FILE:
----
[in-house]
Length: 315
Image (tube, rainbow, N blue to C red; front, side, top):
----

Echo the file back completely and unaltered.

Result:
[in-house]
Length: 315
Image (tube, rainbow, N blue to C red; front, side, top):